Title

Iron, folic acid, and multiple micronutrient supplementation strategies during pregnancy and adverse birth outcomes in Botswana

Document Type

Journal Article

Publication Date

6-1-2022

Journal

The Lancet. Global health

Volume

10

Issue

6

DOI

10.1016/S2214-109X(22)00126-7

Abstract

BACKGROUND: Antenatal multiple micronutrient supplementation (MMS) with iron, folic acid, and other micronutrients might improve birth outcomes, but it is not currently universally recommended by WHO. METHODS: In this observational cohort study, we surveyed pregnancies for adverse birth outcomes at eight hospitals from July, 2014, to July, 2018, and 18 hospitals from August, 2018, to December, 2020, in Botswana to assess four routine supplementation strategies in women presenting before 24 weeks' gestation: folic acid only, iron only, iron and folic acid supplementation (IFAS), and MMS. Women with singleton pregnancies; a known HIV status, age, and delivery site; haemoglobin measured within 7 days of presenting to antenatal care; and weight measured within 31 days of presenting to care were included in our analysis. Data were abstracted from the maternity obstetric record (a record of antenatal care) at the time of birth from all women giving birth at selected hospitals throughout the country. We estimated risk differences overall and in key subgroups, adjusting for demographic and clinical factors. FINDINGS: Between July 6, 2014, and Dec 8, 2020, 96 341 eligible women (21 659 [22·5%] of whom had HIV) were included in the study. 36 334 (37·7%) women initiated iron only supplementation, 1133 (11·8%) initiated folic acid only supplementation, 23 101 (24·0%) initiated IFAS, and 31 588 (32·8%) women initiated MMS. Women who initiated iron only and folic acid only supplementation had higher risks of stillbirth, preterm birth, very preterm birth, low and very low birthweight, and neonatal death compared with women who received IFAS (adjusted risk differences for iron only supplementation vs IFAS ranged from 0·22% [95% CI 0·04 to 0·40] for neonatal death to 2·39% [1·78 to 3·00] for preterm birth; and adjusted risk differences for folic acid only supplementation vs IFAS ranged from 0·77% [-0·80 to 2·34] for neonatal death to 5·75% [1·38 to 10·13] for preterm birth), with greater difference in women with HIV and those aged 35 years and older. Compared with IFAS, women who initiated MMS had lower risks of preterm and very preterm births, and low and very low birthweight (adjusted risk differences ranged from -0·50% [-0·77 to 0·23] for very preterm birth to -1·06% [-1·69 to -0·42] for preterm birth). INTERPRETATION: Nationwide data from Botswana support improved birth outcomes with MMS compared with IFAS. FUNDING: National Institutes of Health, National Institute of Child Health and Human Development, and National Institute of Allergy and Infectious Diseases.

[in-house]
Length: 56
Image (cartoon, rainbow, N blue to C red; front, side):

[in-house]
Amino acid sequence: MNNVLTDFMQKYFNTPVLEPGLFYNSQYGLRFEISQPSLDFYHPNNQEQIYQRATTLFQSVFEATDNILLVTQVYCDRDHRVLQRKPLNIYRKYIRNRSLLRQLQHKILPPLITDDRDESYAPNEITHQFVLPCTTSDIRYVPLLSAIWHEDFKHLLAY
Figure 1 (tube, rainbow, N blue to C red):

Department

Global Health

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